Skip navigation
Sign up for news and updates.

 privacy policy

Plan International USA proudly supports Menstrual Hygiene Day

Christine, 16, is benefiting from the Plan-supported Menstrual Hygiene Project in her community in Tororo, Uganda.
Christine, 16, is benefiting from the Plan-supported Menstrual Hygiene Project in her community in Tororo, Uganda.
May 12, 2014

Menstrual Hygiene Day creates a united voice for women and girls around the world, helping to break the silence and confront the social norms that often prohibit girls and women from reaching their full potential.

The day acts as an occasion to address the challenges and hardships many women and girls face during menstruation, but also highlights the positive and innovative solutions being put in place to address these challenges.

The day serves as a catalyst for a growing, global movement that recognizes and supports girls’ and women’s rights.

Menstrual Hygiene Day also serves as a neutral platform to bring together individuals, organizations, and the media.

Why does menstrual hygiene matter?


Despite menstruation being a natural process that is part of every girl and woman’s life, it is still treated as a taboo subject in countless cultures and societies across the globe. A profound silence around the topic, combined with a lack of access to information, results in girls and women possessing very little understanding of their own bodies. Many are managing their periods in an unsafe and unhygienic manner, using old rags or other unhygienic and ineffective materials. These problems are exacerbated by limited access to and affordability of hygienic products, lack of safe and private sanitation facilities, inconsistent supplies of clean water for personal hygiene, and inadequate disposal options.

As a result, menstruating girls and women often feel ashamed and embarrassed about themselves, exacerbating the silence because they would rather keep it a secret than talk about it. Facing health problems and socio-cultural norms surrounding their periods, they become isolated from family, school, and their communities. Women and girls miss school and productive work days, thus falling behind their male counterparts.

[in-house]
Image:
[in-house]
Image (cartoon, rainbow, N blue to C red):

Is there really a need for a Menstrual Hygiene Day?

Yes. Menstrual Hygiene Day offers the opportunity to create awareness of the right of women and girls to hygienically manage their menstruation – in privacy, safety, and with dignity – wherever they are.

Why the 28th of May?

May is the fifth month of the year, representing 5 days, or the average number of days (between 2-7) a woman or girl menstruates each month. And, 28 represents the average number of days in a menstrual cycle.

How is Plan Promoting Menstrual Hygiene?

With a continued focus on reproductive health and hygiene, Plan International USA is proud to be a Menstrual Hygiene Day partner. Read about a few of Plan’s many programs that promote menstrual hygiene and help communities break down barriers and taboos surrounding the issue:


No Comments